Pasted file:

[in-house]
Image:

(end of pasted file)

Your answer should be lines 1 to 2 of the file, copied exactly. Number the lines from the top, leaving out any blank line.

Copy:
[in-house]
Image: